Calendar changes come at a cost

The university recently made changes to the academic calendar. These changes include having a week off during Thanksgiving and an extra vacation day during fall break.

I am all for weeklong vacations and four-day weekends, but these changes are going to cost the students.

These extra days off had to come from somewhere and they did: reading days. Now, we will end class on Tuesday, have Wednesday off, and begin exams on Thursday.

The last week of classes usually means three things: projects, papers and tests. Having a weekend and two extra days to study before finals allows students to refocus after the stress that comes with the last week of classes.

Although students shouldn’t solely depend on reading days to get their studying done, and should be studying in advance, this is an unrealistic expectation.

If students have exams during the last week of classes, instead of studying for their finals, they are going to be studying for those tests or finishing those papers or projects.

Personally, I think the calendar changes are a great idea.

We all know that campus becomes a ghost town and professors end up lecturing to five, maybe 10 students as Thanksgiving approaches.

Students always leave before vacation begins and let their professors know in advance.

I also know that reading days are not a right, but these days to study can often lead to success.
The previous academic calendar was fine the way it was. And if something isn’t broken, then why try to fix it?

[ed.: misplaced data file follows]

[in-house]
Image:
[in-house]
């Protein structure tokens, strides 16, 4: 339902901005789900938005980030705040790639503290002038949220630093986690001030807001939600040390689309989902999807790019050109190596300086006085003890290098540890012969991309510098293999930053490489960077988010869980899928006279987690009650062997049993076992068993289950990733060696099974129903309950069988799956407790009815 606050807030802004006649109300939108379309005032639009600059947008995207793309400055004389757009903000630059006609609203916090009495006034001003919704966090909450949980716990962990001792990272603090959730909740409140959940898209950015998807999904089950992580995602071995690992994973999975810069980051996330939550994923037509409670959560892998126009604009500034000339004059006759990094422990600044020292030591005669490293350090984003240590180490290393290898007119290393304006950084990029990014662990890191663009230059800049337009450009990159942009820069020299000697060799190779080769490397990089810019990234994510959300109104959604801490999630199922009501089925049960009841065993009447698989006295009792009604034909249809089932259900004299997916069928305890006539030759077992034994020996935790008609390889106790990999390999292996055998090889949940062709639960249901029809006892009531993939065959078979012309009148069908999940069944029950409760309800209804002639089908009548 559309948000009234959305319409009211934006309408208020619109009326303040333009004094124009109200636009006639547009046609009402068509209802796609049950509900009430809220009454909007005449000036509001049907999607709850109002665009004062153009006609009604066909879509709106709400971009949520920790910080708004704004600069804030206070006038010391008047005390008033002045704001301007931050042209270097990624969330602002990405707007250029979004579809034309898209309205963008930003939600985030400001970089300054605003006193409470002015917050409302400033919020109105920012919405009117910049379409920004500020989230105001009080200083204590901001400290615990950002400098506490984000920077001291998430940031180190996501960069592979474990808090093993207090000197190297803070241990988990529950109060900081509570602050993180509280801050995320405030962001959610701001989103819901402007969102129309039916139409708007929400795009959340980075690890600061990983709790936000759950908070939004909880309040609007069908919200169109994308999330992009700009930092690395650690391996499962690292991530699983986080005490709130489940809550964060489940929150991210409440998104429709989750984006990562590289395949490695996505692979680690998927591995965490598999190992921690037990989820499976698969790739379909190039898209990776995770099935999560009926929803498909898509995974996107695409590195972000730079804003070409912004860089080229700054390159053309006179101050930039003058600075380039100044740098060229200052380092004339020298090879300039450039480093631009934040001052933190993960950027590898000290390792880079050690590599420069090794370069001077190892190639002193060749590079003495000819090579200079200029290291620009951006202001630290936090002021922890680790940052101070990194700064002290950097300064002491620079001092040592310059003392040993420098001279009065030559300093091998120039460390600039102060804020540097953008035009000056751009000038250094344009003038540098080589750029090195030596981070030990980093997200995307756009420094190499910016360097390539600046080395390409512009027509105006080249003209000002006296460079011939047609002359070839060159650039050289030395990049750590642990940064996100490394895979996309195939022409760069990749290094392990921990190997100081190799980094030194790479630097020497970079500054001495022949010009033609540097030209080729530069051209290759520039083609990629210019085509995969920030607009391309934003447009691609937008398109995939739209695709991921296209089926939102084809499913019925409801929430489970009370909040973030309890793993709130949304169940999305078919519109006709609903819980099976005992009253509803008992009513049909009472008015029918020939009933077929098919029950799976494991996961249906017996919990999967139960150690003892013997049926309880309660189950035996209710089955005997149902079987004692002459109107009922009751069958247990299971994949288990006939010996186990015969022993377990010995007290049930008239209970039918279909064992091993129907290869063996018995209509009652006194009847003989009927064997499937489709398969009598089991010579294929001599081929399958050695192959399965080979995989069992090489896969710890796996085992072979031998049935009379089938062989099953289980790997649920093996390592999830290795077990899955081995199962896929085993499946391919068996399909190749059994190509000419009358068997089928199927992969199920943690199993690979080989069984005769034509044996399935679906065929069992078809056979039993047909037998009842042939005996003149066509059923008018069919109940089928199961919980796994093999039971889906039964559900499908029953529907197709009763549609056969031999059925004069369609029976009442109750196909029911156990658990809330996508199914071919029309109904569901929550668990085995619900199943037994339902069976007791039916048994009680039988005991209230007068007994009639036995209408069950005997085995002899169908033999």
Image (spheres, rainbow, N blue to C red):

It is understandable that everyone needs a break sometimes. However, while it’s good for students to be able to relax and spend time with their families, it isn’t worth the possibility of lower exam scores and GPAs in the long run.

Taylor Duckett is a sophomore majoring in economics.

February 24, 2013


Taylor Duckett

2 COMMENTS ON THIS POST To “Calendar changes come at a cost”

  1. Steph says:

    Most schools don’t even have reading days. At most they get a weekend off before exams. I know FIU ends classes after we do and still starts break before us. If studying in advance is such an “unrealistic expectation” for most students, then maybe not having what can sometimes be an entire week off between the end of class and exams will be a needed lesson on procrastination. Also, only having one or two exams a day means you can still study during exam time.
    The previous academic calendar was broken. It’s unfair to promote a diverse student body from all over the nation and not give those same students time to travel home to their families for Thanksgiving. And what is the point of having random Friday off in October when many students don’t even have class on Fridays to begin with? Or why we start class on a Wednesday instead of a Monday? We are also the only university I’ve heard of even having “reading days”. I think these changes were needed, and I’m excited to see how the changes work out.

  2. Curt says:

    The right thing to do would be to either start earlier or end later. I would choose to end later. Do we really need two weeks off before Christmas? Also, I feel that the 5 or 6 weeks we get for winter break is too much. I would rather have the reading days.

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